“I took the whole experience and I thought to myself, What clearer message could I have had from God telling me it was time to leave Towson?” says Goodman, of his decision to end his college playing career. “He couldn’t have given it to me any clearer. I just picked up and went on to Israel.”
After leaving Towson, Goodman flirted with the idea of going to another school. He’d had offers to transfer when Jaskulski was fired, but he was loyal to Towson for accommodating his religious needs. In 2002, Maccabi Tel-Aviv, a top Israeli pro team, signed Goodman to a five-year contract. Because his mother was born in Israel, Goodman was considered an Israeli national and had no trouble traveling abroad.
“It was a pretty easy choice for me. I wrote in my seventh-grade yearbook that I wanted to be a professional basketball player in Israel and serve in the I.D.F. [Israeli Defense Forces],” says Goodman. “So they came down here, worked me out a few times and gave me the contract. I was very fortunate.”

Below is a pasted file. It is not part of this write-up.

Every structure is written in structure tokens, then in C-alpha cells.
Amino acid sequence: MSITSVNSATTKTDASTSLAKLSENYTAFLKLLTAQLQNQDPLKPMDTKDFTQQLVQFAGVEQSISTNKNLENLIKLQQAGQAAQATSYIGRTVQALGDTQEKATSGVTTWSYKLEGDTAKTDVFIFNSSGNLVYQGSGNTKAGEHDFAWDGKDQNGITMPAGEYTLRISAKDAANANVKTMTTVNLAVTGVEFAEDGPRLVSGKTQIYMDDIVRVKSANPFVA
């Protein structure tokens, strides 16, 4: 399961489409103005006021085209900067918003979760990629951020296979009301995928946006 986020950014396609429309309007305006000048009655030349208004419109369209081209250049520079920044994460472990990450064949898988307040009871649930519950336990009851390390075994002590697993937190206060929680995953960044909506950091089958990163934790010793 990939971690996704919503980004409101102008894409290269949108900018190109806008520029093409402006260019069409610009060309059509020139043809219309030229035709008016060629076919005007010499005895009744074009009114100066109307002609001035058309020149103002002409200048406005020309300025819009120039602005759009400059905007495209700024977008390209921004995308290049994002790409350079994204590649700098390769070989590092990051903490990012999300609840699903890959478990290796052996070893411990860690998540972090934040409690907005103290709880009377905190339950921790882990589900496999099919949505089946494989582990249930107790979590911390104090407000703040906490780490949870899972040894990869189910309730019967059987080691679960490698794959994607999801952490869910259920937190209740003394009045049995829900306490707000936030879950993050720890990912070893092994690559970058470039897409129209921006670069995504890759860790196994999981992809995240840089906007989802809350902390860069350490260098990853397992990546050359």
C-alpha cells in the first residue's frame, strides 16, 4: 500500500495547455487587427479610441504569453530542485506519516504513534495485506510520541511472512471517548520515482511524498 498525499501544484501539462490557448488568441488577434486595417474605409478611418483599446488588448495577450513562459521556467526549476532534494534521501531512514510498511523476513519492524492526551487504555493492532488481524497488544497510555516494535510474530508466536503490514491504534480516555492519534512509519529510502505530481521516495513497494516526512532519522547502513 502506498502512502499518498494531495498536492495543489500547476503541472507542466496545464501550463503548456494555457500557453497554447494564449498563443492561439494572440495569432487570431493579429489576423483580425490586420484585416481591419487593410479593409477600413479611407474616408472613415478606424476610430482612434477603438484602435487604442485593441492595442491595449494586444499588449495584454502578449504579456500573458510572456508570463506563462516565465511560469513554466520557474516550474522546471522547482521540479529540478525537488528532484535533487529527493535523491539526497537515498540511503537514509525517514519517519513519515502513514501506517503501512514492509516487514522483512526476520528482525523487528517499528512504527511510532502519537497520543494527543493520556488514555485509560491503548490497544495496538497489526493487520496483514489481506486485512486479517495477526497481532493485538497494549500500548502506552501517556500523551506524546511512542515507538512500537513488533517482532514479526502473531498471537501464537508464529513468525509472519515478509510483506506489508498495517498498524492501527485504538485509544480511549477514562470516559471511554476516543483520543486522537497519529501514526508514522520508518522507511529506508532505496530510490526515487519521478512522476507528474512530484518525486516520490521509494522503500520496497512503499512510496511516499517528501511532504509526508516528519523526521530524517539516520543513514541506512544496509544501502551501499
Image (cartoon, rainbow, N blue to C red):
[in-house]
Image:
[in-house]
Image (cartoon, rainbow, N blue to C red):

For the 2002–2003 season, Goodman was loaned to Maccabi Givat Shmuel of the Israeli Superleague. In 29 games, he averaged only 2.2 points per game. In 2003–’04, Goodman played in the Israeli second division with a team called Kiryat Ata. He was named MVP of the championship game before leading his team to a title.
After two and a half years as a pro in Israel, Goodman joined the Israeli Army. Although he was exempt from duty because of his basketball career, he volunteered his service. During his time in the military, he was named Most Outstanding Soldier of his platoon in boot camp.